by Peter Lawrence, VFTRG Contributor
Lots of people have lots of memories about the late horseman and bloodstock agent Ole Bach, who passed away recently in a freak pedestrian traffic accident in Lexington, Kentucky.
Most of the stories told last week at Ole's funeral and memorial are probably better and more amusing than mine, told by friends who knew him better than I did, but a few brushes with Ole come to mind.
I met him when he was training for Per Eriksson in 1985, the year Prakas won the Hambletonian, the Breeders Crown and lots of other big races.
The very next year, Ole was with Per Henriksen when that Per won the Hambo with Nuclear Kosmos.
Much later, in 2011, it was yet another Hambletonian Day, this time Broad Bahn's victory. I believe Ole, a bloodstock agent by that time, decked out in a jacket and tie that afternoon, had picked out Broad Bahn for Danish interests - Ole was Danish - and he was as happy as a little kid that day in the winner's circle.
Finally, there were two different instances connected with Sweden's transplanted star trainer-driver Ake Svanstedt.
Opening night at the new Meadowlands almost three years ago.
"There's two people here you're going to want to know," Ole said. "Meet Ake and Sarah Svanstedt." And we all shared pleasantries for a few minutes.
Finally, the following spring, in April or so, I visited Svanstedt's newly purchased Legends Farm near Fort Dix here in New Jersey. There were only a handful of horses on the grounds - one was the great Sebastian K., who hadn't qualified yet - with the bulk of the stable still with Ake in Florida.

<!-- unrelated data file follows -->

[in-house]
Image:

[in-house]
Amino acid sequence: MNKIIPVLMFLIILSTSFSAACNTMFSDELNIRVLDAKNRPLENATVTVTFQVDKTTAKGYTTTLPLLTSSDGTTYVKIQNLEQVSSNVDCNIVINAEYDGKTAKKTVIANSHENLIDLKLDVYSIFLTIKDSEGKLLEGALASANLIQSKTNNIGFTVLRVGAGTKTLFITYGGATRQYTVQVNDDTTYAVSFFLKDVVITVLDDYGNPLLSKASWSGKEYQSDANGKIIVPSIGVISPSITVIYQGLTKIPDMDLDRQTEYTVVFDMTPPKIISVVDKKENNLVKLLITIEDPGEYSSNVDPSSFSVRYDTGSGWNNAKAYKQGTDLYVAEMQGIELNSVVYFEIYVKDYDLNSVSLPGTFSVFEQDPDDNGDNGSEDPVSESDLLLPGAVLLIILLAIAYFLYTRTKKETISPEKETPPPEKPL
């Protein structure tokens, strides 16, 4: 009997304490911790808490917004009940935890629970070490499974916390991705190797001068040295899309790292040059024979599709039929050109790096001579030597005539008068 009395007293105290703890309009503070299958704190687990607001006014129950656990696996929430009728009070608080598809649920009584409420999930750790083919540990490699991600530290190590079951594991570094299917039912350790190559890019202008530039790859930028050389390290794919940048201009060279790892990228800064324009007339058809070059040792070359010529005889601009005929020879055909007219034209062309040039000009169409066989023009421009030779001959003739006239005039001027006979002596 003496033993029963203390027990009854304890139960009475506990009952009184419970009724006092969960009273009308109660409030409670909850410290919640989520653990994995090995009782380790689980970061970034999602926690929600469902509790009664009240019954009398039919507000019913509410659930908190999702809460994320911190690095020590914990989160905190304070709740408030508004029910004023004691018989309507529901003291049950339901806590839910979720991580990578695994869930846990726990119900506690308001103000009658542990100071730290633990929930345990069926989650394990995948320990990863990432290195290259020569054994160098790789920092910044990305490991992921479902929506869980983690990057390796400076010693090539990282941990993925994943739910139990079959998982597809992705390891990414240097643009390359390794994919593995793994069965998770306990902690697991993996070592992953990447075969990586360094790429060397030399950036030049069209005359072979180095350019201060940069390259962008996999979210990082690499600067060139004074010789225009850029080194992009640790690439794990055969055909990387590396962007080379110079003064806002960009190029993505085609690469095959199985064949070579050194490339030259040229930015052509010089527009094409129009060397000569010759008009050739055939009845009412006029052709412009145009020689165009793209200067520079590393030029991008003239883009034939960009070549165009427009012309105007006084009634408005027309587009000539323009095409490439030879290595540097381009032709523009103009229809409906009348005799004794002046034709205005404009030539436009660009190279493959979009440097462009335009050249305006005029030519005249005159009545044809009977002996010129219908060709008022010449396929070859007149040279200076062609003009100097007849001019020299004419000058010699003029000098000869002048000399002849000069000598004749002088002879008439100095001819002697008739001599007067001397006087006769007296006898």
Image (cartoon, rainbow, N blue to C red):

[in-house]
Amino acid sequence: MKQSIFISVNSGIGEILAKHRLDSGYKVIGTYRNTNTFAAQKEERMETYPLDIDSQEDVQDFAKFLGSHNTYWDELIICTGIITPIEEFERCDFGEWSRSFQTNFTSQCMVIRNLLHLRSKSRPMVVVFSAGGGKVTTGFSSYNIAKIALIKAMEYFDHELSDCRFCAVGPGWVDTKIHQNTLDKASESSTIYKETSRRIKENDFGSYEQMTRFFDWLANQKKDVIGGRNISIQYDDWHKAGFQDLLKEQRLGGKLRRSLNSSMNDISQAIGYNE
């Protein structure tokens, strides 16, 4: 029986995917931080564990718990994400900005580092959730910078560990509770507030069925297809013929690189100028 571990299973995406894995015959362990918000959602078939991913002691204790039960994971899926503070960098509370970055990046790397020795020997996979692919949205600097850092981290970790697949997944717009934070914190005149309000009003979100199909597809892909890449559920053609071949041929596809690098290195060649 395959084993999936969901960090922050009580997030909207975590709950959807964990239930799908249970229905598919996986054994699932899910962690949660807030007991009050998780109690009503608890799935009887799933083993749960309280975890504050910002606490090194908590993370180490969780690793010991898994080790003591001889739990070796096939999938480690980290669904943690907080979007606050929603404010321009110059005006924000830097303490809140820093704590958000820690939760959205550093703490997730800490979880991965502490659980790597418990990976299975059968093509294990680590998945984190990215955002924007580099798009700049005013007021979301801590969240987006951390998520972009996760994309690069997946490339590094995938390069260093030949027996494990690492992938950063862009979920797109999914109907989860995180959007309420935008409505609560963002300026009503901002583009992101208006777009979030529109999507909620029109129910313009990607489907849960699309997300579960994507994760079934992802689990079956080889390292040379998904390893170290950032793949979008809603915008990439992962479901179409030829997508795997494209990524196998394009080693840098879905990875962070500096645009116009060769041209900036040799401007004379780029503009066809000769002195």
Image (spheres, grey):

I'm looking around, and who's the greeting committee? Son of a gun, it was Ole, who was there helping to set the farm up with Ake's assistant Bernie Noren.
"Let me show you around," said Ole, who was as helpful and accomodating as always (and it wasn't even his farm).
Those attributes were his calling card.
And speaking of calling card, I've had one of Ole Bach's business cards in my pocket for several years. Two cards, in fact, for some reason. One is pictured here.
Over the years, it seemed like Ole was everywhere, shaking hands, introducing people to new people, making phone calls, making deals.
Ole Bach was a go-getter, a hustler in the best sense of the word.
I'll miss him. And friends and family who knew him better than I did will surely miss him even more.
Rest in peace, Ole